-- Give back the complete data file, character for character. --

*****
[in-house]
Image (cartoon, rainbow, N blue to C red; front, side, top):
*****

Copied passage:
[in-house]
Image (cartoon, rainbow, N blue to C red; front, side, top):